On Mon, Oct 12, 2020 at 8:42 AM Wes Turner

No, 2 times something is greater than something. Something over something is 1.

If we change the division axiom to be piecewise with an exception only for infinity, we could claim that any problem involving division of a symbol is unsolvable because the symbol could be infinity.

Again, you start with the assumption that infinity is a number. "2 times something is greater than something" applies only to positive real numbers - not to zero, not to negative numbers, not to complex numbers.

This is incorrect: x / 2 is unsolvable because x could be infinity x / 2 > x / 3 (where x > 0; Z+) is indeterminate because if x is infinity, then they are equal.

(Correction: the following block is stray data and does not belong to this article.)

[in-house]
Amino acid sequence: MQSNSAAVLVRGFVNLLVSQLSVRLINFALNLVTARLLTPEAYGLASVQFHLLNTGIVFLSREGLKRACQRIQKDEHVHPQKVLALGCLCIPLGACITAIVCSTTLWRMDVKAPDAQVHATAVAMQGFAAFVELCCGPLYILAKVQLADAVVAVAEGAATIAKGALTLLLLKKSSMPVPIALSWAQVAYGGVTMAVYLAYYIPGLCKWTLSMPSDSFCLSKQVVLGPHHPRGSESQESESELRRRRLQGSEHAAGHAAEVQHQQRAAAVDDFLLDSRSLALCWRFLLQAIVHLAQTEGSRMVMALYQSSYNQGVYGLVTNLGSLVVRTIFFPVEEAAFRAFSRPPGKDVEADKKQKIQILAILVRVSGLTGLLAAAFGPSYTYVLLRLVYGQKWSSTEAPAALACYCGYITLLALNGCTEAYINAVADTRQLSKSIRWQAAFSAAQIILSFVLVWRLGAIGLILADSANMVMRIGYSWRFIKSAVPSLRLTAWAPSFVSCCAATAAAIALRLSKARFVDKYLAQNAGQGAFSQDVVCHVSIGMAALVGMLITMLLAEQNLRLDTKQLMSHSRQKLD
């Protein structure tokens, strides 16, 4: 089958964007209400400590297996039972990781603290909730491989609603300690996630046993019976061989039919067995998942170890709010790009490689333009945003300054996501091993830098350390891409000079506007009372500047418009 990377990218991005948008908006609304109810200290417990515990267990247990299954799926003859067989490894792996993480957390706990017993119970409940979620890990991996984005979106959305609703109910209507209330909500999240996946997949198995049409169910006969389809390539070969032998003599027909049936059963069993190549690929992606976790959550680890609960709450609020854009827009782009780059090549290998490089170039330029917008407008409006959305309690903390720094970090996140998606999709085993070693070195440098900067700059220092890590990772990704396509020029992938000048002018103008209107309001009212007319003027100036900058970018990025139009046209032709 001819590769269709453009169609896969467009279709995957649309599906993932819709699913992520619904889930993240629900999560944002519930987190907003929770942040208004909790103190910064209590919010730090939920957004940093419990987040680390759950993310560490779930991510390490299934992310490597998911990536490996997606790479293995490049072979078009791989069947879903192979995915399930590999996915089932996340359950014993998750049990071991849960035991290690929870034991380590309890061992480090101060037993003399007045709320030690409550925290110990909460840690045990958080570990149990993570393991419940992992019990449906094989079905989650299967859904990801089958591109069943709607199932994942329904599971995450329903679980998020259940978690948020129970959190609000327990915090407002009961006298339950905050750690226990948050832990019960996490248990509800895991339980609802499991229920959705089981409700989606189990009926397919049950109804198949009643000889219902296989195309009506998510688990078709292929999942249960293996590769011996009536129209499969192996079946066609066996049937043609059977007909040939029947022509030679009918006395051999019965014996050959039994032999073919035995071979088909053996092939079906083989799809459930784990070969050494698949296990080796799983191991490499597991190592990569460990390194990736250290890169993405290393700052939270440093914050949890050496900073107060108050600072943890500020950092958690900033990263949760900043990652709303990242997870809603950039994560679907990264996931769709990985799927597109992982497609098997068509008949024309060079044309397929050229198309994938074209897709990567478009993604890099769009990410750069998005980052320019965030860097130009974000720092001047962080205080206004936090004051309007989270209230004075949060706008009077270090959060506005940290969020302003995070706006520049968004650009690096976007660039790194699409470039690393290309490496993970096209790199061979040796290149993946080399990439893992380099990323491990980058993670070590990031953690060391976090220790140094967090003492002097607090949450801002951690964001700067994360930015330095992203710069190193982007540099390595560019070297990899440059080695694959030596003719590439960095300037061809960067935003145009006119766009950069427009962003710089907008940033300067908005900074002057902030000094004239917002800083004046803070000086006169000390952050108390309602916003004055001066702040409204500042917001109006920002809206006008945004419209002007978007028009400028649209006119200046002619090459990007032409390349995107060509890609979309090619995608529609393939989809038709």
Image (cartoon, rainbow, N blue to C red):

assert 1 / 0 != 2 / 0 assert 2*inf > inf assert inf / inf == 1

Where do these assertions hold true? Certainly not in Python, nor in mathematical real numbers.

I should have said capricious (not specious). I'm again replying to the main thread because this is relevant: there would need to be changes to tests in order to return (scalar times) infinity instead of ZeroDivisionError.

We should not discard the scalar in scalar*infinity expressions.

The scalar becomes irrelevant when infinity is a limit, rather than a number. Further discussion probably belongs on python-list rather than here. ChrisA